Netifi this week launched an integration platform based on the open source RSocket communications protocol to replace HTTP ad REST application programming interfaces (APIs) as the mechanism for connecting microservices. RSocket was originally created by Netflix and is now being strengthened via contributions from Netifi, Facebook and Pivotal Software for use within enterprise IT organizations.
Fresh off raising $2 million in seed funding, Netifi is also committing to support a community edition of RSocket later this year.
Company CEO Robert Roeser said the Netifi platform is designed to make it easier to build microservices and interconnect them. Most of those microservices are being built using Docker containers, but Roeser said that, as part of a polyglot approach to integration, Netifi is leveraging RSocket to connect microservices built using a variety of runtimes as well as provide access to legacy monolithic applications. The Netifi platform can be deployed on-premises, in a public cloud or in a hybrid fashion.
Roeser said RSocket was born of necessity at Netflix because the number of microservices that needed to be interconnected at scale was simply too complex a task using HTTP and REST APIs. Soon after, Facebook also started employing RSocket and now Netifi and Pivotal are making contributions designed to make Rocket more accessible for traditional enterprise developers. In the case of Netifi, that means providing mechanisms to both discover and advertise microservices and provide a layer of abstraction that shields developers from the underlying complexity of the network underlay, he said.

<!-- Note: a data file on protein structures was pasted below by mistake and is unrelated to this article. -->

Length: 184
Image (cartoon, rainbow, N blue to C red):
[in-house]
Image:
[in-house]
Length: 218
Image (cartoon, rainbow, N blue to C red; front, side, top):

As applications based on microservices become more widely distributed, enterprise organizations tend to become more intimidated by the challenges associated with managing them at scale. Traditional enterprise IT organizations don’t have access to a small army of software engineers to solve the problem. As a result, many of them retreat to building monolithic applications in which all the services that need to be accessed are baked into the application itself. They typically sacrifice scale and flexibility in favor of a construct that is both familiar and easier for them to navigate, Roeser said.
The challenge Netifi and other supporters of RSocket will face is the considerable amount of inertia surrounding REST APIs and HTTP. Several generations of developers now consider REST APIs to be the default mechanism for connecting various applications together. The issue many of them will need to wrestle with is the extent to which the rise of microservices breaks that integration construct. A shift away from REST APIs also could have significant implications regarding how services are exposed externally, how pipelines are constructed within DevOps environments and other factors.
It remains to be seen whether integration platforms based on RSocket or some other approach ultimately makes microservices more accessible to enterprise IT organizations. But significant resources now are being poured in to solve the problem, many of which leverage contributions of companies, such as Netflix and Facebook, that already rely on thousands of microservices to deliver a broad range of cloud-native applications.